Even in ruins the Parthenon on the Acropolis in Athens is magnificent. Luke, in Acts 17:16-34, describes Paul viewing the city. It seems distant in time as well as geography from the splendor of Oregon’s Cascades and forested hills. Yet, in many ways, you live in a suburb of Athens.
Athens does not appear to have been a planned part of Paul’s itinerary on this second missionary journey. His stay was a respite from persecution in Thessalonica and Berea. Yet he could not simply be a tourist. His proclaiming the gospel summons you to call your neighbors to repent of idolatry. That means you need to recognize what idolatry is. The temple to Athena Parthenos, already 400 years old when Paul saw it, crowned the city full of beautifully carved idols, images of the gods, numbering in the thousands. The golden age of the glory of Greece had passed, but Athens still basked in its remnants. It was renowned not only for its architecture, but also for its philosophy and learning. Athenians considered themselves true aboriginals. Everyone else had a story of where the had come from, but they (they thought) were the original people of that place. Paul preached in the synagogue, but on other days was in the public markets, engaging the people. As he saw the many idols he was “greatly distressed,” the word from which we get paroxysms. The word was used to translate the Lord’s indignation at idolatry, Deuteronomy 9:18; Isaiah 65:3; Hosea 8:5. He preached the good news of Jesus and the resurrection, and perhaps was misunderstood as suggesting that the Athenians add a god named Jesus and a goddess named resurrection (anastasia) to their collection of deities. Epicurean and Stoic philosophers began to engage him, and he was invited to explain himself more fully at a meeting of the Areopagus.
There Paul seized as a point of contact, an altar he had noticed, with the inscription, “To an unknown God. He did not simply take Greek thought and add a bit more to it. Rather, in a gracious way, pointed out their ignorance and proclaimed the one living and true God. “In his address on the Areopagus Paul proclaims the name of the resurrected Christ to the Gentile covenant-breakers, would be fugitives from divine judgment. Paul does not place himself on their level in order with them to investigate the nature of being and knowledge in general, to discover whether the God of Abraham, Isaac, and Jacob might possibly exist. He tells them straight out that what they claim not to know, he knows. He tells them that their so-called ignorance is culpable, for God is near to them as their own selves. He tells them, therefore, to repent of their worship of idols, to turn to the living God, lest they stand without the robes of righteousness before the resurrected Lord Christ on the day of judgment.” (Cornelius Van Til in Jerusalem and Athens, p. 7).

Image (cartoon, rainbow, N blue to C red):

Idolatry is giving to someone or something else the worship that belongs to the living and true God. It is not confined to marble statues. The self-centeredness of our culture affects not only the pagan world around us, but like the head of the camel, enters the tent of the church. If you are going to be an effective witness to your pagan neighbors, be able to recognize their idolatry—and how it threatens your own heart. Notice how, in a different setting, Paul in Romans 1 reminds you that the immorality of the culture is not the main problem—the heart is the false worship of self.
Repent because you are God’s offspring. Although Paul here does not quote the Scriptures the way he did in the synagogues, his thought, and even his language is steeped in the Word. God is the Creator, Genesis 1; Psalm 146:6; Isiah 42.:5. God formed the nations of one man (countering the elitism of the Athenians as well as modern racism) (see Malachi 2:10; Isaiah 42:5). Paul seizes a point of contact and quotes the poet Epimenides. In a deeper sense than that poet understood, in God we live and move and have our being. The Cilician poet Aratus wrote of us being God’s offspring. Don’t think that God is just a glorified man. Precisely because we are God’s creatures, made in his image, we seek him. Their ignorance of God was culpable, and Paul summons them to repentance and fellowship with the true God.
Repent because judgment is coming. Jesus is the judge appointed by God. He is the Man God appointed as judge, Psalm 9:8; 96:13; Daniel 7:13-14. He has fixed the day of judgment, Joel 2:1. Repent! Don’t let anyone tell you that Paul’s comment in 1 Corinthians 2:2 meant that he had changed the message he tried in Athens. The method of approach to the philosophers was different from that in the synagogue, but in both places Paul preached Christ.
Not only did Paul talk about Jesus, he summoned his hearers to repent because God raised Jesus from the dead. The second coming of Christ is an outgrowth of his first. Your resurrection is an extension of his. The resurrection is essential to the gospel message. “The gospel of Jesus Christ, according to Luke, as disclosed in both his Gospel and the Acts, is the gospel of the crucified One. But since the divine action of salvation is viewed as reaching its consummation in the exaltation of Christ, there is a profound occupation with the resurrection of Christ as serving to sum up even more pointedly than the cross the decisive saving work of God.” (N. B. Stonehouse, The Areopagus Address. p. 49).
The reference to the resurrection. Some of his hearers could accept the idea of an immortal soul, but a bodily resurrection was foolishness. Nevertheless, God used the foolishness of preaching to draw Athenians to himself. Even in pagan, sophisticated Athens, God had his people. He has them in Newberg and elsewhere in NW Oregon as well. Spiritually we may be suburbs of Athens, but God uses his Word.
Your responsibility is to recognize the idolatry of your neighbors (as you repent of your own) and to call them to repentance and trust in the One God raised from the dead.